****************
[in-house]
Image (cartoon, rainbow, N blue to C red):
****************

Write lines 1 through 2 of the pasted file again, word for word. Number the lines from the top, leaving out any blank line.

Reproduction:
[in-house]
Image (cartoon, rainbow, N blue to C red):